VG: Well, The Cotton Club was an interesting film, it took a long time to shoot a lot of the scenes. There was a lot of background stuff that was going on that we found out later. There was just a lot of disagreements with the folks putting the money together, it was a long process. For this one little nightclub scene, I think we were on the set off and on almost two weeks, and I got a lot of work done on the time down. On the downtime I would bring little scores to work on. But, it was great working with Richard Gere and Diane Lane. They were really nice folks, and we even had lunch with Richard Gere. He was interested to hear about the music. He really did play the coronet in those tracks. He hadn't played since high school and just started picking up the coronet oh, I don't know...a good ten, fifteen years later. It was a real challenge for him, but he pulled it off!
MR: So, you've become the real "go to guy" when it comes to '20s and '30s jazz. How did word get out about you?
VG: Well, I think if you keep on doing something over and over and over again and doing it the best you can, the word gets out. I have this large collection of music--I have over 60,000 scores and over 30,000 pieces of sheet music, thousands of recordings. I have so much material that I had to buy the house next door to me. As Captain Kirk said, "Space is the final frontier."
MR: (laughs) Vince, how does the creative process work for you? Where does it come from, does it just come to you or is it a studied thing?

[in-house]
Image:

VG: Well, I take a few options and will visit a few different songs and see which one fits better, and then you play with the tempo a little a bit and see if that's running too fast if it's really too jarring for what's happening on the screen or the mood. Sometimes, you have to get the metronome and set it down a few clicks or either way until, "Yeah, I think this is gonna be right." But you never know. You never know because when you have the director there and all the other folks who are looking at this and they have their opinions, which there are many, you sometimes have to go back in again and either re-cut another song or a slower tempo, or something like that.
MR: Vince, what is your advice for new artists?
VG: New artists, well... I'd say believe in what you're doing. Get yourself organized. If you're gonna be doing something with music that needs arrangements, make sure the arrangements are nice and clean and clear. Put them in little folders--I know this sounds like pretty basic stuff, but I gotta tell you how many new artists that I come across and half the music is back at the apartment or the copy work is so bad that you can't distinguish what are the right notes or the right chords. So, try to be as professional as you can because it just makes everything run better. The people that are working with you will have more respect and you'll have a better show. If you don't put the work in, it's gonna bite ya, and like I always say, "Cheap is expensive," you know?
MR: (laughs) Cheap is expensive, nicely put! I also want to ask you...obviously, Boardwalk Empire is a hit and it's been picked up, right?
VG: Yes, yes...
MR: ...will Vince Giordano be in any more episodes?
VG: In this new season, we did a lot of recording for more background music, but not too much on the screen. I think we only had about three or four scenes in this new season where I play a drunken piano player, I play a strolling violinist, and I play the bandleader leading the band in some of the scenes. It was great working with a lot of new artists that I had never worked with before and artists that I had known for many, many years.